Articulating Bodies investigates the contemporaneous developments of Victorian fiction and disability’s medicalization by focusing on the intersection between narrative form and body. The book examines texts from across the century, from Frederic Shoberl’s 1833 English translation of Victor Hugo’s Notre-Dame de Paris to Arthur Conan Doyle’s Sherlock Holmes story “The Adventure of the Crooked Man” (1893), covering genres that typically relied upon disabled or diseased characters. By tracing the patterns of focalization and narrative structure across six decades of the nineteenth century and across six genres, Articulating Bodies demonstrates that throughout the Victorian era, authors of fiction used narrative form as well as narrative theme to negotiate how to categorize bodies, both constructing and questioning the boundary dividing normalcy from abnormality. As fiction’s form developed from the massive hybrid novels of the early decades of the nineteenth century to the case-study length of fin-de-siècle mysteries, disability became increasingly medicalized, moving from the position of spectacle to specimen.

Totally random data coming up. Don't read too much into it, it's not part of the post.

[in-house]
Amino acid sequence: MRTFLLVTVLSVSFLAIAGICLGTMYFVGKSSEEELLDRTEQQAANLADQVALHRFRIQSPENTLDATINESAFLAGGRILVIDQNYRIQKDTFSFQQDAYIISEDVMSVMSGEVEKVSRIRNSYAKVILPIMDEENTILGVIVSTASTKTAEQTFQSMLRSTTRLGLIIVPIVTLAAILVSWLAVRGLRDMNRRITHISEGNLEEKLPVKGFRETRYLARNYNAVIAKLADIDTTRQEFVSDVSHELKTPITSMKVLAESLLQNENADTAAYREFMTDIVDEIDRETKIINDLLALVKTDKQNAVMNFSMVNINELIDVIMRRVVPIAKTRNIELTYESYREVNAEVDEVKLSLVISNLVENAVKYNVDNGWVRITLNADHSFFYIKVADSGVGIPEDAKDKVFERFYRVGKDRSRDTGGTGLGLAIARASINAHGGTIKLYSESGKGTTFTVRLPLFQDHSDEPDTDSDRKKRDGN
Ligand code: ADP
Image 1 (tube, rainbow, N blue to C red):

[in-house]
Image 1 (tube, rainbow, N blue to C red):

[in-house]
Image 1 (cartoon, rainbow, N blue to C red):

Reviews'Illuminating and persuasive, this is a compelling and cohesive study of disability in Victorian fiction.'
Dr Ryan Sweet, University of Plymouth
'The narratological concept of focalization does double-duty as an optical concept [...] and Hingston’s emphasis on the role of perception in determining bodily normativity or deviance is a welcome approach, expanding our conception of disability outwards from solely a discursive category to a broader perceptual and even phenomenological concept, even in a book fundamentally concerned with textuality. The kind of detailed attention to form - not solely as a textual feature but also a bodily one - in which this book engages is exemplary for future studies of disability in a literary critical context.'Natalie Prizel, Victorian Studies